From the desk of Brian Manchester, Esq:

Upon first meeting with a client and hearing their story, the first question I ask is “have spoken to the police?” If they tell me that they have, I then ask “have you told the police what you told me? Often enough, the answer to both of these questions is yes.

When I hear a yes to either or both of those questions, I cringe. Why? Because talking to the police gives control of my client’s story to the police. They may have heard something wrong. They may have written a note about what my client said that was incorrect. They may misperceive what my clint said – or, in rare cases, outright lie about it. 

Our founding fathers were very smart. They created the Fifth Amendment to the constitution for a reason. Please follow it.

When my clients remain silent, we then control the narrative. We get to control what we say, when and to whom. We can decide to say nothing at all. It gives my clients and me the power to investigate leads, gather evidence, and talk to experts first before the police talk to them. There is EVERY advantage to remaining silent and NO DISADVANTAGES to it.

Client’s often ask me something like this: “Well if I don’t talk to them. They will think I am guilty!” The police are speaking to you because they suspect or believe that you might have done something illegal. Police are not bored. They don’t go around talking to random people about crimes. If an officer suspects you then they want to talk to you. DO NOT do it. Do not give them an advantage. You can’t talk your way out of anything. Being questioned by an officer is a stressful thing. Think back to times in your life when you were stressed. Do you express yourself clearly when you are stressed? Do you get all of the details right when you are stressed? Do you stutter or trip over your words when you are stressed? These are all things that you do not want to do when you speak to police officers.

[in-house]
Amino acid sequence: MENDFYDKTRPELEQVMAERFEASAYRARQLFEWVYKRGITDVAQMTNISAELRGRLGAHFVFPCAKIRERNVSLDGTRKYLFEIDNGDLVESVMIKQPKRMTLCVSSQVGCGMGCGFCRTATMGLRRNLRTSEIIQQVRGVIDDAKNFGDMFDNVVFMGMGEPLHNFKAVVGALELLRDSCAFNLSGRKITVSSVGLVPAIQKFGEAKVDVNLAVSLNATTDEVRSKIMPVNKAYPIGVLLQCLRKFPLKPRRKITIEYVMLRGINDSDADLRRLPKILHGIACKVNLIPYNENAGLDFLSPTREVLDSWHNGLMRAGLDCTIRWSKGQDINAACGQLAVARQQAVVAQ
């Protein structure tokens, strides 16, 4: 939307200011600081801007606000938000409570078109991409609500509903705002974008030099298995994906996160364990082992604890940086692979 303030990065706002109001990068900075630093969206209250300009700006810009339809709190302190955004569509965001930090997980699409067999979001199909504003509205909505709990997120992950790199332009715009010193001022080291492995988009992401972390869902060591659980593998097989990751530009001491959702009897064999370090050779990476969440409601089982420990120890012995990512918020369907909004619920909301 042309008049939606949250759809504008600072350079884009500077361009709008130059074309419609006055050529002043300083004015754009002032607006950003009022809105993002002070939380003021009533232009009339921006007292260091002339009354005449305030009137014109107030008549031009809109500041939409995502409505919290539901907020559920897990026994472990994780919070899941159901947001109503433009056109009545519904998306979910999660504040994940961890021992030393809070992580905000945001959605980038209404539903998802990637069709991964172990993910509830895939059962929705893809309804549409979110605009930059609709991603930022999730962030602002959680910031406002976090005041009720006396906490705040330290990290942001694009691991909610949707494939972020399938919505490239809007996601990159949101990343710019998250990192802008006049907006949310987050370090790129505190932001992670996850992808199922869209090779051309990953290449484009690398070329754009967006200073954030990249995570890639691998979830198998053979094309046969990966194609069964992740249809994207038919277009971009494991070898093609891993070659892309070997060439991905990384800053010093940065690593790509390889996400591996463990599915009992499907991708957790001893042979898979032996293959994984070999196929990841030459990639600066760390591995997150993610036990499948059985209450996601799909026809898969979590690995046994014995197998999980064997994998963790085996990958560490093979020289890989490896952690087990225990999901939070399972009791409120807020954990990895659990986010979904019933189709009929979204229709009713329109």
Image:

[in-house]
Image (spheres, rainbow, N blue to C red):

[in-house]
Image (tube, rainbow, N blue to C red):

Once I represented a man charged with murder and the prosecutor wanted the death penalty. The police never could have charged my client without him giving a statement to them. Fortunately, I was able to have the death penalty thrown out before trial and at trial he was convicted of third rather than first-degree murder. My client talking to the police almost cost him his life. Do not do it. Also do not lie and try to talk yourself out of something. That just makes it worse and if you have not done anything, it makes you look guilty and makes the defense of your case extremely hard.

          There are many reasons why remaining silent is the only way to go. I could go on for pages. However, in all my years of practice, I have never found a better explanation than that offered by the video below. This is a lecture given by James Duane, a professor from Regent University School of Law. Please watch the whole thing:. It may be the best and most helpful video you have ever watched.

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